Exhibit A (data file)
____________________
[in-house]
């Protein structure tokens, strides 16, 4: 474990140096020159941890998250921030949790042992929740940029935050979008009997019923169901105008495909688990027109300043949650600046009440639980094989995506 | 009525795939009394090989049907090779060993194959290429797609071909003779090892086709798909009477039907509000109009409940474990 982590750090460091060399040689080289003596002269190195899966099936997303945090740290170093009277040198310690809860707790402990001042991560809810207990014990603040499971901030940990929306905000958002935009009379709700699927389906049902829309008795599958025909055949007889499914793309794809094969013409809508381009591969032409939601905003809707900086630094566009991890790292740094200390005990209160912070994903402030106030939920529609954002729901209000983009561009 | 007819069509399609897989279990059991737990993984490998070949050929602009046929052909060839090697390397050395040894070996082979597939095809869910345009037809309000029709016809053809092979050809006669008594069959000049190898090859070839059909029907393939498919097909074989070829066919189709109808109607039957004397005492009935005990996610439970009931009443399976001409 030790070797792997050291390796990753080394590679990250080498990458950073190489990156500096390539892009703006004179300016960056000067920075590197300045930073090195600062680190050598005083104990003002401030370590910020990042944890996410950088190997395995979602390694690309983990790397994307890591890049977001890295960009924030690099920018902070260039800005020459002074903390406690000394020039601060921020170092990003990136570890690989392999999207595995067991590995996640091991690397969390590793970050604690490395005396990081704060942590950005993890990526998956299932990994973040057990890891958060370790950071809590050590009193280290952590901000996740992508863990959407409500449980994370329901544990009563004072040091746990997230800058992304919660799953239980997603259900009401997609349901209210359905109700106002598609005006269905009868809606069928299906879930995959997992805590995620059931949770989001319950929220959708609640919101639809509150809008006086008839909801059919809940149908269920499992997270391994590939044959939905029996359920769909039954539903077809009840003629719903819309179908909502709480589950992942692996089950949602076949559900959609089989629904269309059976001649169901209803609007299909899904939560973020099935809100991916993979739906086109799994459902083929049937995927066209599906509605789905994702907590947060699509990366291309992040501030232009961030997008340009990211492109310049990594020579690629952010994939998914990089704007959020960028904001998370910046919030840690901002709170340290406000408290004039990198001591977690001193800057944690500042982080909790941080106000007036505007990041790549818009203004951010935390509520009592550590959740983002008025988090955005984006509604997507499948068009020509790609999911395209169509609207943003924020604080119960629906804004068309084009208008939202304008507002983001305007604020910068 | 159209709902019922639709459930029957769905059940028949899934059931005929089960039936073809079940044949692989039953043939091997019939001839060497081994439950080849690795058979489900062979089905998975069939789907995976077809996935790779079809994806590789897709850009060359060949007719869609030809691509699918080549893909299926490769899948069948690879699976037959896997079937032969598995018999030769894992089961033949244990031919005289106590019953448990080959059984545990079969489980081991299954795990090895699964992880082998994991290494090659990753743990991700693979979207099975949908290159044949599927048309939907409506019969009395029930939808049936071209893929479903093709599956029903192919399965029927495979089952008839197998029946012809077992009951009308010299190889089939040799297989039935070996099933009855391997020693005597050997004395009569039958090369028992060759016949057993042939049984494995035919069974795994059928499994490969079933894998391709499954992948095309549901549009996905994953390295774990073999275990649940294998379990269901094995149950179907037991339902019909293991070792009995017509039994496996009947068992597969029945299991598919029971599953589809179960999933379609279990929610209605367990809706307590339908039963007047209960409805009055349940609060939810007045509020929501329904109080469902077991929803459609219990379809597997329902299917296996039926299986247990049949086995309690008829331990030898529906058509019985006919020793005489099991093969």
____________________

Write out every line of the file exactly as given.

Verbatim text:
[in-house]
């Protein structure tokens, strides 16, 4: 474990140096020159941890998250921030949790042992929740940029935050979008009997019923169901105008495909688990027109300043949650600046009440639980094989995506 | 009525795939009394090989049907090779060993194959290429797609071909003779090892086709798909009477039907509000109009409940474990 982590750090460091060399040689080289003596002269190195899966099936997303945090740290170093009277040198310690809860707790402990001042991560809810207990014990603040499971901030940990929306905000958002935009009379709700699927389906049902829309008795599958025909055949007889499914793309794809094969013409809508381009591969032409939601905003809707900086630094566009991890790292740094200390005990209160912070994903402030106030939920529609954002729901209000983009561009 | 007819069509399609897989279990059991737990993984490998070949050929602009046929052909060839090697390397050395040894070996082979597939095809869910345009037809309000029709016809053809092979050809006669008594069959000049190898090859070839059909029907393939498919097909074989070829066919189709109808109607039957004397005492009935005990996610439970009931009443399976001409 030790070797792997050291390796990753080394590679990250080498990458950073190489990156500096390539892009703006004179300016960056000067920075590197300045930073090195600062680190050598005083104990003002401030370590910020990042944890996410950088190997395995979602390694690309983990790397994307890591890049977001890295960009924030690099920018902070260039800005020459002074903390406690000394020039601060921020170092990003990136570890690989392999999207595995067991590995996640091991690397969390590793970050604690490395005396990081704060942590950005993890990526998956299932990994973040057990890891958060370790950071809590050590009193280290952590901000996740992508863990959407409500449980994370329901544990009563004072040091746990997230800058992304919660799953239980997603259900009401997609349901209210359905109700106002598609005006269905009868809606069928299906879930995959997992805590995620059931949770989001319950929220959708609640919101639809509150809008006086008839909801059919809940149908269920499992997270391994590939044959939905029996359920769909039954539903077809009840003629719903819309179908909502709480589950992942692996089950949602076949559900959609089989629904269309059976001649169901209803609007299909899904939560973020099935809100991916993979739906086109799994459902083929049937995927066209599906509605789905994702907590947060699509990366291309992040501030232009961030997008340009990211492109310049990594020579690629952010994939998914990089704007959020960028904001998370910046919030840690901002709170340290406000408290004039990198001591977690001193800057944690500042982080909790941080106000007036505007990041790549818009203004951010935390509520009592550590959740983002008025988090955005984006509604997507499948068009020509790609999911395209169509609207943003924020604080119960629906804004068309084009208008939202304008507002983001305007604020910068 | 159209709902019922639709459930029957769905059940028949899934059931005929089960039936073809079940044949692989039953043939091997019939001839060497081994439950080849690795058979489900062979089905998975069939789907995976077809996935790779079809994806590789897709850009060359060949007719869609030809691509699918080549893909299926490769899948069948690879699976037959896997079937032969598995018999030769894992089961033949244990031919005289106590019953448990080959059984545990079969489980081991299954795990090895699964992880082998994991290494090659990753743990991700693979979207099975949908290159044949599927048309939907409506019969009395029930939808049936071209893929479903093709599956029903192919399965029927495979089952008839197998029946012809077992009951009308010299190889089939040799297989039935070996099933009855391997020693005597050997004395009569039958090369028992060759016949057993042939049984494995035919069974795994059928499994490969079933894998391709499954992948095309549901549009996905994953390295774990073999275990649940294998379990269901094995149950179907037991339902019909293991070792009995017509039994496996009947068992597969029945299991598919029971599953589809179960999933379609279990929610209605367990809706307590339908039963007047209960409805009055349940609060939810007045509020929501329904109080469902077991929803459609219990379809597997329902299917296996039926299986247990049949086995309690008829331990030898529906058509019985006919020793005489099991093969």